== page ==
People who inject drugs are likely to find it difficult to self-isolate and may be in contact with other high-risk individuals, such as drug dealers, making transmission of COVID-19 extremely likely.
They are also at high risk of drug related illnesses such as hepatitis C, HIV and chronic obstructive pulmonary disease (COPD), which may put them at risk of more severe infection if they contract the virus.
At the same time, social distancing has forced changes to the provision of drug treatment and harm reduction programmes, which may make them more difficult to access and lead to increased risks from drug use.
The researchers will conduct telephone interviews with people who inject drugs in Bristol to understand the effects of recent service changes and the challenges they pose.
The knowledge generated will lead to a better understanding of the needs of people who inject drugs during the pandemic. This information will be fed back to treatment providers and local government to adapt current provision and reduce the impact of COVID-19 on this group.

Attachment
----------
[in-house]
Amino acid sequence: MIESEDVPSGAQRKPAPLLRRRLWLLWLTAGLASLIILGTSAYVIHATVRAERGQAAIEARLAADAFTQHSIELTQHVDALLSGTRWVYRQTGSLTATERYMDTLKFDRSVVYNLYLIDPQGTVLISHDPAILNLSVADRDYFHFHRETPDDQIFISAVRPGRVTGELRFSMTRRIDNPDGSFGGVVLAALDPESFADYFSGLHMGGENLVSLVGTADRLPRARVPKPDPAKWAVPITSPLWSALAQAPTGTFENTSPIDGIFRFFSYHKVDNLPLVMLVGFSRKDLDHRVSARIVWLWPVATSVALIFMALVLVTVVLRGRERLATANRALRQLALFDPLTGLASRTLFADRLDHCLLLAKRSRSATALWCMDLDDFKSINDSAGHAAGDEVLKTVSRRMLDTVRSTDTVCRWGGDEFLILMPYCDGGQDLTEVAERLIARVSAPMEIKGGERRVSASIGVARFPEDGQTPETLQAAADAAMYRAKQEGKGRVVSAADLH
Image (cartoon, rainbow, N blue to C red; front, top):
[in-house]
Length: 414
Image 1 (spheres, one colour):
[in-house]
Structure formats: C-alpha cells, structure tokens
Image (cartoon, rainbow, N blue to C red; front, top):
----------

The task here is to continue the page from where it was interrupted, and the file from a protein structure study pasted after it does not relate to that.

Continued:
Dr Lindsey Hines, Senior Research Associate at the University of Bristol and study lead, said:
“People who inject drugs face multiple risks from COVID-19. This group already experiences many health and social inequalities, with greater risk of illness, infection and early death compared to the general population. They are also more likely to experience stigma, issues accessing health care and homelessness. These risks are likely to increase due to the pandemic.
“We will be working with Bristol Drugs Project to understand the challenges people who inject drugs are experiencing and to help to adapt service provision.”